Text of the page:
You are here

Interdisciplinary Curating, Faculty Collaborations, and the College Teaching Museum

John S. Weber

Dayton Director

Tang Museum at Skidmore College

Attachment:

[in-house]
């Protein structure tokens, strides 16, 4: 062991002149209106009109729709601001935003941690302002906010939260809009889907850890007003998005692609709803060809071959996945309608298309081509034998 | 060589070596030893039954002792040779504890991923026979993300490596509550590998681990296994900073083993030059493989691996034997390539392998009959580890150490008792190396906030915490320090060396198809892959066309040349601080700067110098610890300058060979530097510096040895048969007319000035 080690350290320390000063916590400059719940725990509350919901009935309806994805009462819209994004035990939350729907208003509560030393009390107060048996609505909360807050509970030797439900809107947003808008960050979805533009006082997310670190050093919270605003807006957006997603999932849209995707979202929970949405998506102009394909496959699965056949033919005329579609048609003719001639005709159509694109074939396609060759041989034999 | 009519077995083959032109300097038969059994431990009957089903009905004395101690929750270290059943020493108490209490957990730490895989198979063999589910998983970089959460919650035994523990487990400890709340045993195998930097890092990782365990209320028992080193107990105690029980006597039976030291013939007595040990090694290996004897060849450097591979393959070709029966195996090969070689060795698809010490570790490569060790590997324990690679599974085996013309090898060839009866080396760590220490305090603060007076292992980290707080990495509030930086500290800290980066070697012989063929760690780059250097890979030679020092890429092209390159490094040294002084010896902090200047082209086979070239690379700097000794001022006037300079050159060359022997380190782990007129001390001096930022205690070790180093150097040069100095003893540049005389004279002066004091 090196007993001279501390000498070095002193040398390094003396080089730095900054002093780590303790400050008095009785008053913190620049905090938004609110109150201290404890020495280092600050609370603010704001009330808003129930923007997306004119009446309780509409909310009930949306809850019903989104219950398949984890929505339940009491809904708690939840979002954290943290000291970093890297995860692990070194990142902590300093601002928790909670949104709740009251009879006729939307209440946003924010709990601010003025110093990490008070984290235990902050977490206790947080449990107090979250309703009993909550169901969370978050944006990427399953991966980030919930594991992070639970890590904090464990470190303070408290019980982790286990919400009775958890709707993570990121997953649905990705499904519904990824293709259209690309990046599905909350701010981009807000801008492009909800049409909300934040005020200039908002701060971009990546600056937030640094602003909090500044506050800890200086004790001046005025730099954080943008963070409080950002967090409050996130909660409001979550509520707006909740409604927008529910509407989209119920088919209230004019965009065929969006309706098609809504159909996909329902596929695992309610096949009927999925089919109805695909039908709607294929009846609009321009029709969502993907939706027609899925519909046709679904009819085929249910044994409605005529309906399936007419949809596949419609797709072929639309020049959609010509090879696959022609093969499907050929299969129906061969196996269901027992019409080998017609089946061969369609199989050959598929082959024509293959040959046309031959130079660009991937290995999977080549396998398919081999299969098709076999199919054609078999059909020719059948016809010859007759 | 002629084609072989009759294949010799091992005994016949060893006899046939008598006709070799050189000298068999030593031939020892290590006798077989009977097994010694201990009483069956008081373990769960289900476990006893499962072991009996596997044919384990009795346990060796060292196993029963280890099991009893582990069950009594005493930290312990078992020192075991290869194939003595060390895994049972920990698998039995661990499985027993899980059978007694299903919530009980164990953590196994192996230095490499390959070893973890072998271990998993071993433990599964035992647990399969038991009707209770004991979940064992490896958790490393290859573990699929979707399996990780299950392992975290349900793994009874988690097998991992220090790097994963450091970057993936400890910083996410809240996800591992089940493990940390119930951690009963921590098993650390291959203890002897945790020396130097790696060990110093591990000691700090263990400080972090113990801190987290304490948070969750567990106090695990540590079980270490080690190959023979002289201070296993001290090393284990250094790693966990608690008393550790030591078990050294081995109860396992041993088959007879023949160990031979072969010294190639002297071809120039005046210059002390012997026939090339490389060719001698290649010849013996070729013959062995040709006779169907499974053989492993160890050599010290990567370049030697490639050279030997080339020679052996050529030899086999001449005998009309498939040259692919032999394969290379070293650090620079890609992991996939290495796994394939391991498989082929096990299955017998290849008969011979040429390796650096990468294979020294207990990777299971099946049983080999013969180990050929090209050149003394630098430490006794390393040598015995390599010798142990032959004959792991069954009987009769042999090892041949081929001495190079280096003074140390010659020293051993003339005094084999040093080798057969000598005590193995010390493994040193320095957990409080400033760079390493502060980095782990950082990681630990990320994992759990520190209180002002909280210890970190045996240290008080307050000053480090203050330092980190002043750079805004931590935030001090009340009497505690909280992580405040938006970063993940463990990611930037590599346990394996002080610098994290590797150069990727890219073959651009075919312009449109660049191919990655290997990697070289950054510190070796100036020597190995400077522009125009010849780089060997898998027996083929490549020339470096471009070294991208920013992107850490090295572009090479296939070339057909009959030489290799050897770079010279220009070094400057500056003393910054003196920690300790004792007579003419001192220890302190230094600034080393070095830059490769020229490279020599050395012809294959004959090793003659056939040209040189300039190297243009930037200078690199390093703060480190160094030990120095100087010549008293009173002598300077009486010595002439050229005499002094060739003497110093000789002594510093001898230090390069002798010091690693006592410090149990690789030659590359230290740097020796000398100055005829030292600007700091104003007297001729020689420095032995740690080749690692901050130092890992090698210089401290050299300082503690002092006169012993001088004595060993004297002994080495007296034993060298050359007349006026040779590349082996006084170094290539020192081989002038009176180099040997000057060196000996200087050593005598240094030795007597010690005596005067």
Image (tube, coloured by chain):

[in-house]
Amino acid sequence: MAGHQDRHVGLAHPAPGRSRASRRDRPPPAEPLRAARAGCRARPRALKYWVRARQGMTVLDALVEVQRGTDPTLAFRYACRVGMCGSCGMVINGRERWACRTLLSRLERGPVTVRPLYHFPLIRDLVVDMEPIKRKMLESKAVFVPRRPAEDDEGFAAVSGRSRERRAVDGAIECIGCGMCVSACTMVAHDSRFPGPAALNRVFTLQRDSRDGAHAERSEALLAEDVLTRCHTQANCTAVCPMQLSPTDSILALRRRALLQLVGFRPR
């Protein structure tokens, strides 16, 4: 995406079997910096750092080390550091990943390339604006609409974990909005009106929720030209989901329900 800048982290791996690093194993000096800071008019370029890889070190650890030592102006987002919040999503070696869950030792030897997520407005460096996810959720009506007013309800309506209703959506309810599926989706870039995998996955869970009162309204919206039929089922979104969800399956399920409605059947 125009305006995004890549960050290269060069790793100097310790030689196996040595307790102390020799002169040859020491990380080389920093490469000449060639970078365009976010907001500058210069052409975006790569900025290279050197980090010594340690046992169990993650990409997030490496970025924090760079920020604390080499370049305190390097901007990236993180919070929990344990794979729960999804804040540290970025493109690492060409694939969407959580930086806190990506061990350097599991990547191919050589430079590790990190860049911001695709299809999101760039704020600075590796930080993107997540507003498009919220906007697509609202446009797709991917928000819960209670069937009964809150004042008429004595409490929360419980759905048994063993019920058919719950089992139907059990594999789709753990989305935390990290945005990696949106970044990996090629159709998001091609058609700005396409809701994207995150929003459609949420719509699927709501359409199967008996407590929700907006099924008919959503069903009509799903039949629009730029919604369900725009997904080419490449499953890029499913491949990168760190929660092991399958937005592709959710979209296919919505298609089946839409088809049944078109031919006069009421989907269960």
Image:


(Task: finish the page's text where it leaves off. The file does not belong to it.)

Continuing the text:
Since it opened in 2000, the Frances Young Tang Teaching Museum and Art Gallery at Skidmore College has created an extensive series of “interdisciplinary exhibitions” initiated and co-curated by faculty from disciplines such as anthropology, astrophysics, chemistry, and English. Although the Tang also specializes in contemporary art exhibitions, its collaborations with faculty curators have led to some of its most distinctive and rewarding exhibitions. This talk will present interdisciplinary shows such as A Very Liquid Heaven, Molecules That Matter, and Lives of the Hudson. Developed through close partnerships with faculty possessing little curatorial experience, these exhibitions lead the museum in new and productive directions, bringing together art works and objects of material culture in ways largely foreign to art museums as traditionally undertaken. They have also been some of the most popular shows in the Tang’s history, utilized by up to 20% of the college’s faculty in teaching, and drawing enthusiastic audiences from local schools and communities. This talk will examine the intellectual premises, look and feel of such interdisciplinary exhibitions, showing how they form a backdrop for faculty teaching on a college campus and charting how they are built logistically. By routinely pulling museum staff and college faculty beyond the boundaries of their separate disclipinary comfort zones, such interdisciplinary collaborations can offer college art museums a way to engage faculty and students to a degree seldom achieved through traditional art exhibitions.